Tolga Kumova’s defamation hearing over tweets by the Stock Swami Twitter account which claimed he engaged in insider trading, and “pump and dump” share schemes has begun. The Canberra Times covers the opening remarks.
It has been confirmed that Bill C-11 can be used to pressure Internet Platforms to manipulate algorithms, the Michael Geist blog reports.
The Norton Rose Fulbright Data Protection Report has published a summary of Bill C-26: An Act respecting cyber security, amending the Telecommunications Act and making consequential amendments to other Acts, introduced on June 14 2022.
On 22 June, the First Preliminary Hearing in the Inquiry into the Retirement of the Former Commissioner of Police was held in Gibraltar. The Inquiry was established by the Governor of Gibraltar, His Excellency Vice Admiral Sir David Steel, to inquire into the reasons and circumstances leading to Mr Ian McGrail ceasing to be Commissioner of Police in June 2020 by taking early retirement. Read 5RB’s summary here.
A Belfast law firm and a number of its partners will begin further defamation proceedings against the Northern Ireland secretary, Brandon Lewis, over an article written by Lewis on the Troubles legacy issue, published on the Conservative Home website on 9 June 2022. The BBC, Belfast Telegraph and ITV report.
Reporters Without Borders has concluded that photojournalist Maks Levin was likely executed by Russian troops. The Press Gazette has more information here.
Last week, President Biden established the White House Task Force to Address Online Harassment and Abuse, which appears will be focusing particularly on online harms which “disproportionately affect women, girls, people of colour and LGBTQI+ individuals” with “technology-facilitated gender-based violence” its top priority. The Panopticon Blog’s response can be read here.
Research and Resources
- Young, Hilary, Permanent Injunctions in Defamation Actions (2022), University of New Brunswick – Fredericton – Faculty of Law
- Young, Hilary, Canadian Anti-SLAPP Laws in Action (2022), University of New Brunswick – Fredericton – Faculty of Law
- Smith, Robert and Perry, Mark and Smith, Nucharee Nuchkoom, ‘Fake News’ in Asean: Legislative Responses (2021), Journal of ASEAN Studies, 9(2)
- O’Byrne, Shannon and Levin, Avner, It Shouldn’t be Small Potatoes: The Future of Civil Damage Awards under Canada’s Personal Information Protection Legislation. Part Two: Inadequate PIPEDA Damages and the Way Forward (2022), Forthcoming in the June 2022 issue of The Advocates’ Quarterly
- Fan, Mary, The Hidden Harms of Privacy Penalties (2022), UC Davis Law Review, Vol. 56
- Kemp, Katharine, How to Track Consumers Who Don’t Want to be Tracked: Examples from Australia’s Largest Media Companies and their Suppliers (2022), University of New South Wales (UNSW) – Faculty of Law
- Animashaun, Sijuade, Tearing down the ‘Walled Gardens’ among China’s Tech Giants (2022)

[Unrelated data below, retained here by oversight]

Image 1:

- Kuch, Paweł, IoT Legislation’s Loopholes – The Governmental Blessing for Statutory Surveillance (2022), Journal of Data Protection & Privacy – Special Edition, Henry Stewart Publications
- Hartzog, Woodrow and Richards, Neil M., Legislating Data Loyalty (2022), 97 Notre Dame Law Review Reflection 356
Next Week in the Courts
On 27 June 2022, there will be a pre-trial review in Millett v. Corbyn before Nicklin J. The trial is listed for 15 days, beginning on 10 October 2022. Read 5RB’s summary of the issues here.
On the same day Nicklin J hear an application in the libel claim of Amersi v. Leslie.
On 27 June 2002 Julian Knowles J will hand down judgment in Goldsmith v Bissett-Powell (heard on 13 January 2022).
On 28 June 2022, there will be a hearing/application in Emmy Tayler v. Harpercollins Publishers Limited before Pepperall J.
On 29 June 2022, there will be applications in ABC and Others v London Borough of Lambeth and Others v London Borough of Lambeth before Nicklin J.
On 30 June 2022, there will be an application in the case of Tewari v Khetrapal & Ors before Collins Rice J.
Robert Lee v Vanessa Brown, heard on 20-24 June 2022 (Collins Rice J)
George v Cannell, heard on 14 June 2022 (Underhill V-P, Warby and Snowden LLJ)
The Duke of Sussex v Associated Newspapers, heard on 9 June 2022 (Nicklin J).
Wright v McCormack, heard on 23 May 2022 (Chamberlain J).
Vardy v Rooney, heard on 10-13 , and 16, 17 and 19 May 2022 (Steyn J).
BW Legal Services v Trustpilot A/S, heard 17 and 18 May 2022 (Tipples J)
LCG v. OVD, heard on 4 May 2022 (Murray J).
XXX v Persons Unknown , heard on 12 April 2022 (Chamberlain J).
Driver v Crown Prosecution Service, heard on 8 December 2021 (Julian Knowles J).
Haviland v The Andrew Lownie Literary Agency Ltd., heard on 27 July 2021 (Murray J).
Masarir v Kingdom of Saudi Arabia., heard 15 and 16 June 2021 (Julian Knowles J).
This Round Up was compiled by Colette Allen who is the host of Newscast on Dr Thomas Bennett and Professor Paul Wragg’s The Media Law Podcast (@MediaLawPodcast).